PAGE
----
While you don’t need to be a rocket scientist to implement Salesforce at your organization, it may certainly feel like you’re reaching for the stars trying to get things right. Declaring “Mission Success” requires several stars to align, but the probability of success is increased dramatically by having a few of these key components in place.
One critical factor to success is the alignment of your teams within your organization. If Salesforce is the “Rocket Ship” that’s going to propel your business forward then everyone will need to contribute something to get it assembled, launched, and manned to its final destination.
Using the analogy of launching a shuttle into space, let’s see what it takes to declare your Salesforce implementation an out-of-this-world success.
Prepare the Crew for Take-Off
Consider your CRM Users as the pilots and crew of the space shuttle.
You’ve spent a lot of time (and money) preparing the shuttle (your Salesforce instance) for your crew to hop in and blast off, but would they trust the shuttle to launch them into space? At the end of the day, the CRM is being implemented to make business operations run smoother by reducing or eliminating the friction users currently experience.
When no one wants to log in to the CRM and use the tool, the idea of success will fade into obscurity. That is just the beginning of a disastrous domino effect, because when users don’t enter data into the system, it’s not available for reporting and analytics. When it’s not available for use, it’s not available for decision making. And when you can’t act on it, then what’s the purpose.
While planning the implementation, be sure to consult with several teams that will be enabled on the platform. Find the power users from each team and find where present day challenges exist. While not all of them have to be solved at Go-Live, they do have to be considered and communicated in a roadmap. Creating a blueprint for the CRM allows everyone to gain insight into the vision for the system and be aware of when features will become available for them.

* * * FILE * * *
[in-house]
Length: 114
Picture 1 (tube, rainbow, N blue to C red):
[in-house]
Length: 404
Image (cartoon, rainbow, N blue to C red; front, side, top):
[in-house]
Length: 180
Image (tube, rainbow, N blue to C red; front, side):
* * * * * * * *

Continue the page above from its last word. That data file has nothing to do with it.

Again, the goal is to reduce friction for the users of the system and having buy-in from those core users is a great start to ensure implementation success. If you’ve rolled out the CRM to your team and then started asking questions, you’ve already failed.
What other group within the business do you think needs to offer their stamp of approval?
There can be no Mission without Mission Control
Let’s talk about Mission Control, our analog to the leadership team.
Mission Control supports the space shuttle on its mission. It’s there to oversee every aspect of the mission and make decisions to move the mission forward. If the leadership team is not on board with using Salesforce as an instrument for accomplishing business goals, then we’re not going to get too far.
Your leadership team needs to appreciate and realize the benefit to them by using Salesforce, so that they’re invested in its success. Your key executive sponsors should include the CEO, CIO, and CTO. Implementing Salesforce is a huge commitment for the company, so it needs to be a company wide initiative.
It should be a bit clearer now why we need the engagement of various business units to ensure a successful launch. Having everyone aligned strengthens the foundation for our CRM project, but we need another ingredient to propel things forward: A Mission Commander.
Meet your Mission Commander
Someone will need to be a designated champion for Salesforce. Think of them as the mission commander, responsible for all elements of getting the shuttle from Earth to say, Mars. This individual realizes the potential benefit Salesforce can bring to the organization and is dedicated to ensuring the business takes full advantage of what it has to offer.
While they may not be an expert just yet, they take the initiative to learn and explore the various Salesforce features enabling the business to make the right decisions on future projects. This may even be multiple people across business units, but together they keep the vision alive and moving forward. It just depends on how large your organization is.
It’s wise to budget for this role ahead of time and expect to promote or hire shortly after go live. After all, someone will have to maintain Salesforce and deal with any hiccups along the way.
Journey vs. Destination
By now we’ve got 3 of the most crucial pieces of the puzzle in place to launch towards success. Now we need to paint the picture of success.
How will success be measured?
Has the company made an effort to outline metrics they’ll use to determine how well things are going once the CRM is rolled-out to users?
We want to capture some baseline metrics once we launch, and keep track of those to determine what we can improve upon. It’s important to keep in mind that implementing Salesforce is not a one time event. You start by laying out a foundation and then building on top of it. That’s why the involvement of the end users, leadership, and a champion are all vital to the success of an implementation. Those groups are all tightly coupled together in the formula for success.
Enabling your vision is our passion.